Letter to the editor: Working for a bright healthcare future


As a patient, I try to support our hospital by getting my care locally.  I recently received excellent care at RMCH {Rehoboth McKinley Christian Hospital].  I underwent three surgical procedures from mid-July through mid-October. I felt fortunate to be able to receive care by highly qualified docs and caring nurses. Everyone was pleasant, courteous, and professional.

But I have to say I was a bit hesitant knowing about the turmoil within the organization, seemingly random and reckless retaliatory firings, and ignored safety concerns resulting in the departure of experienced nurses. Most of the nurses caring for me were new graduates.

I want to thank the Board of Trustees of RMCH for their service during a very difficult time. I’m puzzled by the board’s taking sides in the physician’s unionization effort. Doctors and nurses can be the best barometer for how the administration is carrying out the Trustee’s mission. They are part of the team. Listen to them!

It is difficult to recruit and retain qualified physicians and nurses to small rural communities. Patient safety and not compensation was the motive for unionization. Many docs & nurses continue to serve our community because of their dedication and loyalty to the community and to their patients, regardless of the fact that their compensation is less than they could earn elsewhere.

RMCH needs an administration that will focus its energies and resources on addressing the task of providing excellent health care, rather than wasting time and resources on adversarial actions that are devastating to the morale of hospital staff and leading to a mass exodus of staff.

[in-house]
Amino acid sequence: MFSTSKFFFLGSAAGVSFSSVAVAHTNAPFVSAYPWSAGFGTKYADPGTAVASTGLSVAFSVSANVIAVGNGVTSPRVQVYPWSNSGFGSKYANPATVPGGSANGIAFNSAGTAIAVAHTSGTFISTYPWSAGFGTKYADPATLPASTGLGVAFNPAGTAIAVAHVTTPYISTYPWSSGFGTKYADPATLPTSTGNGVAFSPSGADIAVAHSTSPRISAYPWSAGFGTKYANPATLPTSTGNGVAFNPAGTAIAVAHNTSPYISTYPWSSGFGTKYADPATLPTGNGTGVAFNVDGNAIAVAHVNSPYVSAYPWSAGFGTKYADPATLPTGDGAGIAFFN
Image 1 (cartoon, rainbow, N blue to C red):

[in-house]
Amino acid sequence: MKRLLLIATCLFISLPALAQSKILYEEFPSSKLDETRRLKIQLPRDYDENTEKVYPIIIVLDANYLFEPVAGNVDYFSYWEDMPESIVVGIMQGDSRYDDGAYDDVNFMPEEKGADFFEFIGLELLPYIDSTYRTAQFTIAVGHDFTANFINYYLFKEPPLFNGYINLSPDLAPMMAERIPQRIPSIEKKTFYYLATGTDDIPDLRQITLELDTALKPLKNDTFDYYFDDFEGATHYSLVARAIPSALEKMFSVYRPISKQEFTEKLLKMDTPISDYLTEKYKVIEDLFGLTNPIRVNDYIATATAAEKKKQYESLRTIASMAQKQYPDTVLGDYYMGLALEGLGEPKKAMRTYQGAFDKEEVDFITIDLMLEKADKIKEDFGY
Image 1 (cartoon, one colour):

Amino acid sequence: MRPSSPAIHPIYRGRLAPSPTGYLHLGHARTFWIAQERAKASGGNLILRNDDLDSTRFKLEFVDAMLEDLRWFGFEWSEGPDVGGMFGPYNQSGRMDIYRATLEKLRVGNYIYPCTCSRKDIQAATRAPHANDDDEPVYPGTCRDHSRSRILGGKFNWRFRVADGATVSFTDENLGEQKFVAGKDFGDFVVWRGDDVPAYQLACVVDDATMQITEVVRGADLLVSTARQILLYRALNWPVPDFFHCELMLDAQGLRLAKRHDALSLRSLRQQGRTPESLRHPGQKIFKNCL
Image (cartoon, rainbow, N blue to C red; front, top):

Suggestions for swift action to allay impending closure of our hospital:

#1 The Board of Trustees should proceed carefully, but hastily to fill vacancies with local folks and direct the administration to focus its energies and resources on addressing the task of providing excellent health care, rather than wasting time and resources fighting unionization.

#2 The Board of Trustees should seriously consider the loss of trust by staff, prospective staff, and the community when evaluating the wisdom of continuing to contract with Community Hospital Corporation (currently managing RMCH).

#3 The Board of Trustees should have at least part of every meeting open to the public and should respond publicly to questions raised by citizens. I felt very disappointed that the Jan. 19 board meeting was closed to the public with short notice.

#4 Traditionally, counties run hospitals. Yet the City of Gallup should keep in mind how tragically the loss of our hospital  would impact the local economy and citizen welfare.  Gallup should consider following the example of other small N.M. cities by subsidizing the hospital to prevent its failure and to sustain a facility that will attract families, professionals, and businesses that can be confident that their health care needs will be met.

Let’s keep working for a bright healthcare future.

By Rick Kruis, M. D.